The process described above cannot be categorised and imparted in convenient packages. Dr. King was emancipated on his own path and Mr. Brown found his freedom through his own devices. But their freedom is not our freedom.

The Law is Just a Boat that Carries us to, but is not in itself, our Destination

Q1. Why did we take simple, grade-enhancing [put name of major] courses in college? Q2. Why did we spend several valuable weeks (or months) studying for the LSATs? Q3. Why did we obsessively refresh our status-checkers while awaiting decisions? Because we wanted to become lawyers.

Once the Columbia acceptance came through, the journey was complete – an Ivy-League legal education with guaranteed lifelong luxury. Given the economy, the finish line has been stretched to the end of EIP (or maybe even 2L summer when offers are finalised), but the idea remains the same.

A legal education is seen as an end, and much is made of the three years we spend in law school. Law school is merely an opportunity – a boat that bears us in a transient journey from one shore to another – that has no utility beyond what it confers upon us – access to a farther shore.

We are not in law school. We are in life. [Professor Moglen] And law school happens to be a part of it for some of us. Once we have seen the larger truth, which may be impossible given our egos and entitlements, the law school phenomenon will become insignificant. Once it has become insignificant, there will be no need to incessantly refresh the webpage containing our grades, or to measure our self-worth in terms of numbers or percentiles.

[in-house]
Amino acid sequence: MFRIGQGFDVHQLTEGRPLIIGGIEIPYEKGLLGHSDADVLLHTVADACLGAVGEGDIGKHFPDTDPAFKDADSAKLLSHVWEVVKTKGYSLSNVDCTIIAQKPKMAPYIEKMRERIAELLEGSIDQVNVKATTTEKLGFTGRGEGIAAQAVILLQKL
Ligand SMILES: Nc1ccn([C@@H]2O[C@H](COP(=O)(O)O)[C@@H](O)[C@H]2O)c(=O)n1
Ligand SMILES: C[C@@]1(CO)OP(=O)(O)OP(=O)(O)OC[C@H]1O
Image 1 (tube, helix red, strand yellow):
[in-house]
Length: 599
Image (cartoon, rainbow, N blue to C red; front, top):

Do not be lost in trying to grasp the “true” meaning of the lines above, for my words are vacuous, hollow, empty. The law, with its legalese and complex taxonomy, is similarly empty. Its worthiness lies in the effect it has upon our conscience and our actions. Where that effect is an amplification of the ego and the enlargement of our suffering, it must be shunted. There is no universal path to freedom. Each one of us must discover his own. Not all of us will be successful in this endeavour. In fact, for every free Brown that lives and dies, a thousand others, enslaved, will exist and then fade away.

“‘These children, this money is mine.’ The fool torments himself with such thoughts. One does not possess even a self of one’s own, how then children or money?”

Dhammapada (Verse 62)

[I would like to sum Nona's and Devin's comments, which helped me as I edited the piece to increase clarity. Both were concerned with the meaning of the term "empty" and how we can utilise our understanding of it in practical terms. Nona expressed confusion over whether the "Dharma metaphor [should be applied] to a SCOTUS decision" and how the notion of fading away should be understood. Devin wanted a more detailed explanation of Buddhist philosophy but I found this difficult to achieve within our word limit -- briefing a concept would be misstatement on my part.]


Webs Webs

r14 - 13 Jan 2012 - 23:14:22 - IanSullivan